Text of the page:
If you've ever had an ear infection, you know how a seemingly tiny thing can throw off your balance, causing the room to spin and making it difficult to stand up. Your investment portfolio shares a number of the same qualities as your inner ear. Small changes in the financial realm can throw your portfolio out of balance. Maintaining an appropriate ratio between stocks and bonds can help you keep your financial equilibrium.
The U.S. Securities and Exchange Commission refers to the division of your investment assets among diverse categories of securities as asset allocation. The two primary types of investment securities are equities and debt instruments. Equities are commonly represented in your portfolio by stocks, while bonds typically represent debt instruments. Both types of investments involve risk, although stocks are typically thought to offer both higher risks and greater potential reward. Most investors should have both stocks and bonds in their portfolios. The trick is in getting the right mix.
Diversification is the practice of spreading your risk over a number of different investments, so if the bottom drops out of one, you won't lose all your money. The SEC recommends diversifying between and within asset categories. For example, you might have both stock and bond investments with companies in the retail, defense, manufacturing and financial services industries. If the financial services industry as a whole suffers, your investments in manufacturing might prosper, which will help to offset the loss. If the stock market experiences a bear market, the interest from your bonds can still buoy your portfolio.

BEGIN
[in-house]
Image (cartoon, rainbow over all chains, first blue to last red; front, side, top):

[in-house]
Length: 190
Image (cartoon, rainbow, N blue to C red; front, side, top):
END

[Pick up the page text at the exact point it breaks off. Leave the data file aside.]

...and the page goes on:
There is no perfect ratio between stocks and bonds that applies to all investors. Your situation is unique, and your investment portfolio should be designed to match your individual needs. Consider your age, tolerance or aversion to risk, income, available investment capital and ultimate investment objectives. Time is often your greatest ally or your worst enemy when it comes to investing. The general rule of thumb is that the longer you have to invest, the greater the risk you can afford to take. The American Association of Individual Investors' asset allocation models for people with more than 30 years to invest is weighted 90/10 in stock vs bond investments, while portfolios for those with 10 years to invest is balanced 50/50 between stocks and bonds.
We don't live in a static universe, and your investments are impacted daily by changes in the financial climate. Even if you have determined the appropriate ratio between stocks and bonds in your investment portfolio, it is unlikely that balance will be maintained over the long term. The SEC recommends revisiting your portfolio periodically and rebalancing your assets as needed. For example, you might determine a 70/30 ratio between stocks and bonds is best for you. If the market experiences exceptional growth, the value of your stocks might increase to the point that they now represent 80 percent of your portfolio. You would need to sell some of your stocks and reinvest the proceeds into bonds to bring your portfolio back into balance.